…Almost four decades later, with more distance, I’ve decided to decide that however much Contact Improvisation is codified, presented as a collection of 562 techniques, made to be entertaining, dressed to be pretty or graceful, shaped to be therapeutic, practiced in rooms filled with social interaction and conversation, used as a basis for building a community – ultimately, its initial stance of empowering individuals to rely on their own physical intelligence, to meet their moment with senses open and perceptions stretching, and to compose their own response remains intact.


…I think that a little bit of a problem arises for me when the resulting intimacy or feeling of aliveness or of connection with partners becomes the point, rather than the result…       (Nancy Stark Smith)

It seems to me that for a proportion of practitioners of CI, somatic and interpersonal enjoyment are the chief motivations in the dancing.  I am finding this increasingly problematic and increasingly distant from my own interests.

It is not that I do not enjoy the pleasure of release or touch or weight-sharing.  I was reflecting recently that I have been missing more focussed, slow, weight-bearing engagement with a partner, and that sometimes, being given specific tasks can temporarily remove my responsibility and a lot of the mental chatter that goes with it, and allows me to find a deeper connection to myself, the earth and my partner which later feeds adventurous, physical dancing supported by genuine listening.  I have been reflecting that this is an element I wish to re-focus into my practice.

An important aspect to this kind of somatic sharing for me is that it is “transpersonal” (to quote Nancy).  We are not engaging in this physical practice because we wish to sleep together or to chat as best friends.  We have no need to talk at all (and generally, I find such work much more satisfying if we don’t).  The interest for me in such somatic explorations is that they function beneath the layer of personality.

This is very different to what I saw at the CI festival I attended in Ibiza last summer, and what I saw in some participants of this January’s workshop.  At Earthdance, a few of us joked that for certain kinds of dancer, there are only two kinds of dance: the patterns of lifting dance (which requires both partners to know and wish to engage in these predetermined patterns) and the rolling around the floor hugging dance (which again, seems to require only specific partners).  Both these forms seem distinctly personal and often extremely hormonal – and frankly, not very interesting.  What I also observe is that these behaviours have a huge impact on the people and space around them; they generally seem to take over.  What I witnessed at Ibiza was a significant minority involved in these patterns and a small majority either trying (and failing) to be part of them, confused, or trying (with varying degrees of success) to forge their own dancing in the face of what some only half-jokingly referred to as a “hippy love-fest”.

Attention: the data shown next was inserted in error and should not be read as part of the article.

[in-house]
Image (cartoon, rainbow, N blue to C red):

The argument is usually posited that the “contact community” is large and varied and that there is space for everybody within it to pursue his or her interests.  This sometimes seems to me to be an excuse not to take responsibility for our behaviour.  It also fails to address how this wider “community” reflects on any of us who goes out into the world working under the label of Contact Improvisation.

In Ibiza last summer, about 120 dancers met with varying degrees of pleasure and success.  Regardless of our experiences, a significant minority of the dancers involved were either from Ibiza or further afield in Spain, and most of us belonged to a culture that was either European or American, hence broadly sharing the culture of our hosts.  Recently, via Facebook, I was sent a flyer for a somatic dance festival in Goa (India).  The flyer featured two gloriously fair Scandinavian-looking people.  I posted a comment on my Facebook page, to the effect that I wondered where the brown Indian somatic skins were.  Immediately, I got a comment back from a friend, saying he had similar thoughts when seeing pictures from the Goa Contact Festival (almost no brown skins visible).

I feel hesitant here, because I don’t particularly wish to take high moral ground and bang a drum on this undoubtedly complex issue.  However, I grew up in a post-colonial country where white Western enclaves went about their business and their pleasure in comfortable compounds, surrounded by the rest of Africa going about her generally much less comfortable business.  The two seldom met.